Event Recap: "Consecrated" with Darrell Johnson Take up my yoke and you'll find rest.

On November 14th 2019 80+ pastors and leaders gathered to be inspired by Darrell Johnson on being “Consecrated”. This gathering was in preparation for Missions Fest Vancouver 2020. The conference theme, “Altar Vision,” is an invitation to explore what it means to live a surrendered or consecrated life to Jesus.

Darrell beautifully unpacked Matthew 11:25-30 and Ephesians 3:14-21. The first part of Darrell’s exposition focused on Matthew, where he shared about the yoke that Jesus’ himself wore and is inviting us to wear. Darrell furthered his exposition on consecration where he argued that apostle Paul’s great preaching was likely due to his great praying. My heart leaped with joy as I heard the Gospel speaking life for us all through Darrell. Below the notes from the first part.

Decoration image for quotation

At that time Jesus said, “I praise you, Father, Lord of heaven and earth, because you have hidden these things from the wise and learned and revealed them to little children. Yes, Father, for this is what you were pleased to do.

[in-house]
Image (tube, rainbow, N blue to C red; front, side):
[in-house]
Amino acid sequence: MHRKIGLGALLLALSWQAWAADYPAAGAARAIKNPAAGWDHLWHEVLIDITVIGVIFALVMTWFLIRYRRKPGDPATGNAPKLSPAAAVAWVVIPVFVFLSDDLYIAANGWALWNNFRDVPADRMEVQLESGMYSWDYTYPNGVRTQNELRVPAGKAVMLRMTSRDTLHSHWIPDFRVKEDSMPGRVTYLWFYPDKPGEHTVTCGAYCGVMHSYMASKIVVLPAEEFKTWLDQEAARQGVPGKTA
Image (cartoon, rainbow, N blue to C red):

“All things have been committed to me by my Father. No one knows the Son except the Father, and no one knows the Father except the Son and those to whom the Son chooses to reveal him.

“Come to me, all you who are weary and burdened, and I will give you rest. Take my yoke upon you and learn from me, for I am gentle and humble in heart, and you will find rest for your souls. For my yoke is easy and my burden is light.”

Matthew 11:25-30

Darrell shared 7 essentials in the passage above: